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Codan beats expectations – and the market likes it

With global markets pulling back sharply over recent days, it was pleasing to see the positive trading update by Codan Limited (ASX:CDA).  The company…

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This article was originally published by Roger Montgomery

With global markets pulling back sharply over recent days, it was pleasing to see the positive trading update by Codan Limited (ASX:CDA).  The company – which makes communications, metal detection and mining technology – has been a significant contributor to The Montgomery Fund’s performance for a long time.  And the update led to a significant boost to the share price.

Source: Bloomberg

The Montgomery Fund initially invested in Codan in the middle of 2017 at a price of around $2.40/share. The share price increased in a steady way on the back of continued earning upgrades to top out at ~$8.50/share or about 3.5x just before the pandemic hit in early 2020. We were actively managing the position during this period and took profits along the way.

The sell off in March 2020 saw the shares more than halve in value to bottom out at ~$4/share as the market worried that economic weakness would impact sales in both the Metal Detection and the Communications divisions.

It turned out there was an impact in the Communications division as governments around the world diverted resources towards COVID related stimulus and other spending and travel restrictions resulted in Codan’s sales team not being able to travel and win new customers. This was however dwarfed by the positive impacts that the pandemic actually had on the Metal Detection business. To quickly describe these impacts:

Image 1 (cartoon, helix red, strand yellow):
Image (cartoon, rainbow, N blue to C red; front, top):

• Artisanal gold miners in Africa were not discouraged from investing in metal detectors as it is by its very nature a socially distanced activity and some additional demand was created from people having lost their normal jobs turning to gold prospecting to feed their families.
  • In the Western World, the combination of stimulus payments to populations combined with additional spare time from being furloughed during lockdowns and the need to social distance led quite a few people to take up recreational metal detection for relics and coins etc. as a new hobby, creating additional overall demand.
  • At the same time as this additional demand came, Codan’s main competitors were having manufacturing issues due to their manufacturing being based in the US where the high number of infections impacted production facilities. The main competitors also seem to be less sophisticated in their component sourcing than Codan and the global electronic chip shortage seems to have impacted them much harder than Codan resulting in Codan being able to take quite significant market share during this period.
  • In early 2021, Codan announced two acquisitions that increased its product offering in the Communications division. Both acquisitions seemed at the time to make sense and the market liked them.
  • Lastly, Codan also announced that it had agreed with Caterpillar to sell the underperforming Underground Tracking division through an earnout structure which the market took positively as it removed a distraction for management.

As these trends became obvious once the market bottomed out after March 2020, Codan’s share price again steadily increased to around $19/share or up 5x from the bottom in the middle of 2021. Again, we managed the position size during this period and took profits along the way but Codan was one of the real standout contributors to fund performance during this period.